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The intern next door

By Laura Frater

Internships: they’re renowned for bad pay, no pay, unreasonable hours and ridiculous employer requests.

Unfortunately though, they’re vital for CVs and are particularly important for Arts and Humanities students. In my first year at King’s as an English Literature student, I trawled through literary agents, publishing houses and many other organisations that might be offering work experience. Then one beautiful snowy day in December 2010, my faith in the world of interning was restored, as I stumbled upon an email in my King’s account from the Royal Society of Literature. And the rest is history, one might say!


The RSL are a literary organisation based in Somerset House opposite King’s Strand Campus. Founded in 1820 by George IV in 1820, the society “celebrates and nurtures” the best of British Literature. It’s a fantastic organisation. Along with the 24 events that they organise in the year, the society also awards prizes and grants to aspiring and established writers. They also host Masterclasses with the Booker Prize Foundation, along with campaigning for issues relating to writers. The RSL are run by a small but ridiculously hardworking team, who are all intensely passionate about promoting the importance of literature in the 21st century.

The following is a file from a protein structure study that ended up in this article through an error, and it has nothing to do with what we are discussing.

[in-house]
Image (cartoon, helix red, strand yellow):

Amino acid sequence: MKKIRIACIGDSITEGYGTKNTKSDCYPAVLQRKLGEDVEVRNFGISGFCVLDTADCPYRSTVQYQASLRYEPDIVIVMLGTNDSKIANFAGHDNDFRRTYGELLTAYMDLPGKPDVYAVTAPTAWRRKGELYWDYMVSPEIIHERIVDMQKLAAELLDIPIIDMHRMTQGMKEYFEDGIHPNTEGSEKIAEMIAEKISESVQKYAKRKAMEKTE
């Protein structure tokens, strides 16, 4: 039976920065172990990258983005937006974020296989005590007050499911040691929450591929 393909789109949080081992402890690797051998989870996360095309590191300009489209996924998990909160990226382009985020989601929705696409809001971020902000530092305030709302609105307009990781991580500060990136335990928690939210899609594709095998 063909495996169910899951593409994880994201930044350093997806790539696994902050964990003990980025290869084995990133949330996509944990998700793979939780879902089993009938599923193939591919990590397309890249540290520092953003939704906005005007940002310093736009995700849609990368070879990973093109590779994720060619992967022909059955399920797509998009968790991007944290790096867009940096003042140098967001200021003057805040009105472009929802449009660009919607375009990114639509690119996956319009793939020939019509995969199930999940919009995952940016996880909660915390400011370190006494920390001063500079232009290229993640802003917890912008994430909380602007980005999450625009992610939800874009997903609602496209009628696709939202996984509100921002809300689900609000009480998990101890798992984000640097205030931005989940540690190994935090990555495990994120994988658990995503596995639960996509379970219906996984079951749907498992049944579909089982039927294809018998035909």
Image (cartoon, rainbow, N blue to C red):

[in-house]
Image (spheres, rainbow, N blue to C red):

The RSL has a joint initiative with King’s and therefore leaves one internship open to a King’s undergraduate. As an intern there, you’ll get to experience a massive array of tasks. From publicising events through organisations such as the National Theatre, the Southbank Centre and other UL universities to meeting authors like Michael Morporgo, it really is a once-in-a-lifetime internship. You’ll be coordinating events, be running around London delivering books to authors in Bloomsbury, mailing JK Rowling and asking Sebastian Faulks his preferred wine! It’s a unique and wonderful workplace.


Although RSL internships are unpaid, the experience and confidence you will gain from working there is invaluable. Hours range from two to three days a week but this is normally negotiable, as the staff is very understanding of your academic workload. Interns are usually required to commit to the RSL for a period of three months. You need to have a real love for literature and “a desire to pursue a career in an arts organisation”. Interns must also be confident with computer based admin and be happy making telephone calls.

It is very rare in this day and age to find such a hard-working, selfless and caring organisation such as the Royal Society of Literature. As a former RSL intern, I can honestly say it was a privilege to work there. The work was extremely interesting, the staff were kind and considerate and most importantly, the RSL’s objective was genuinely inspiring. In a world so caught up in the language of science and technology, they remind us why art – in all its forms – is so important.

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